Destination of revenue

33.10Taxes are payable into the Consolidated Fund by virtue of the Exchequer and Audit Departments Act 1866, s 10, which originally provided that the gross sums collected by the Revenue Departments should be directed, after deduction of certain items such as drawbacks,1 into the Exchequer Account at the Bank of England. The moneys paid into the Exchequer form what is termed the Consolidated Fund. Any excess of payments into the Consolidated Fund over issues out of it must be paid into the National Loans Fund. The hereditary revenues of the Crown are directed to be paid into the Exchequer and made part of the Consolidated Fund under the Civil List Act 1952, s 1(1).2 Other items of revenue are payable to the Exchequer under specific statutory provisions. Income realised by departments in the course of their duties (for example revenue from certain kinds of fees) is not as a rule paid into the Exchequer, but is directed under the Government Resources and Accounts Act 2000, s 2 to be applied in aid of their Estimate.3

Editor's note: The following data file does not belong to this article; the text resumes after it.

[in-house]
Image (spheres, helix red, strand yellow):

Footnotes

  1. 1. A refund of excise or import duty where an imported item is subsequently re-exported or used in the production of goods for export.
  2. 2. Certain hereditary revenues relating to Scotland are, however, paid into the Scottish Consolidated Fund by virtue of s 1(2) of the same Act.
  3. 3. See para 34.11.